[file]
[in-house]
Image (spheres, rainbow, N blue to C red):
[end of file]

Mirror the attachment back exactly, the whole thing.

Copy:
[in-house]
Image (spheres, rainbow, N blue to C red):